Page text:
My learning journey has, as this blog will show, been greatly influenced by links in tweets. Two of my Twitter friends are Salome Thomas-El (@principal-EL) and Richard Lakin (@Thanks2Teachers).
I found out about these two men by looking them up on Google. They are both very similar in some ways and in others very different.
They are both passionate teachers who became excellent Principals with a desire to effect change and bring about success for their students. They have both written books about their experiences that I have recently read and which I will discuss now.
“Teaching As An Act of Love” by Richard, is, as the cover says, “Thoughts and recollections of a former teacher, principal and kid”. It is a book which has a number of stories about Richard’s teaching career but also brings out his philosophy about teaching and his desire throughout his career (and now) to create a real learning environment for the children in his care.
As an ex-headteacher myself I found myself wishing that I had read this book a lot earlier in my career. I feel that it has a lot of really good things to say about organising schools, motivating teachers and involving parents.
It is a book that has some very funny stories (I especially liked the story about the chicken at Christmas) and also some very sad moments. The author has almost total recall of a very long career and has kept a lot of the materials that he used throughout.
The book is available as a free download from Richard’s site which is http://www.thanks2teachers.com/ The book can be accessed at http://www.thanks2teachers.com/Home/TheBook/AboutTheBook/tabid/63/Default.aspx I would strongly recommend that you download it as it has much to offer for student teachers, experienced teachers and especially those who are aiming to become principals.
Richard is also a passionate opponent of the current testing children to death policies of both the last administration in the United States (with No Child Left Behind) and his misgivings about the direction of the present administration’s approach. He is very concerned to promote the “small schools movement” and writes about how we need to humanise education for the good of the child.
Salome Thomas-El is known to many as Principal El. He is a charismatic individual who has a passionate interest and concern with the education of the children in inner city Philadelphia where he has worked for many years as a teacher and also a very successful principal.
I researched his background using Google and found that he had written a book called “I Choose To Stay”. It was about ( to quote the front cover sub title) “a black teacher refuses to desert the inner city”.
I read this book to find out about his motivations to stay in the inner city of Philadelphia (which I have a personal connection to as I have cousins who live there) and found that it was a riveting read which shows just how he grew up in a deprived area of the city and had no father figure on a regular basis. He was a highly intelligent child and was able to go to a very select High School. He managed to go to university and found prejudice there because of his colour.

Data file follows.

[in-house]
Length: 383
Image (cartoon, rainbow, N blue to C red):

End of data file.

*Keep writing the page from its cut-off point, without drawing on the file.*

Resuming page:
He wanted originally to work in the media and indeed would probably have had a really good career in T.V. (he appears quite regularly on a T.V. programme in Philadelphia giving advice on healthy lifestyles). He decided though, eventually, to go into teaching and found his real calling.
In the book he details the problems that many of the children from the deprived areas of the inner city of Philadelphia. As he states he has attended too many funerals throughout his career and seen able children who were killed in gang fights or died of substance abuse who may well have gone on to become really useful citizens for their community, city and indeed country.
But there are the success stories as well. In particular he shows how he used one idea, the game of chess, to motivate the children at his school to show that they were as good (and indeed better) than other children who came from more privileged backgrounds.
I had a personal interest in this because, as a young teacher with two highly able children in a primary school in a deprived area of Essex, I found chess as a a means to motivate and interest these children and for many years I ran chess clubs in the schools that I taught in.
As Salome writes in his book, the game of chess is all about using the mind to outthink your opponent. It develops spatial awareness, strategy and also the ability to think ahead. The school he worked at had once been National Champions in the U.S. but the game had fallen away and was no longer played by many at the school. Salome reinvigorated the game and used it as a means to give confidence to the children. It wasn’t easy as there was initial disinterest but from initial successes and hard work he managed to breakthrough and his school teams won many championships, often against opposition that was older than themselves, including the National Championship again.
The book is about more than chess.It is about a great teacher and leader who has inspired others and has chosen, as the title of his book says, to stay in the inner city and fight for the children he so obviously loves and cares about.
I enjoyed reading both of the these books. I found that I cried at points in both and was inspired by the sheer passion that was shown to really make education work for the children they taught and led. I would highly recommend anyone who has an interest in motivating children and getting them to achieve their real potential to read these books (Salome also has a new book out at the moment so look up his other work on Amazon).
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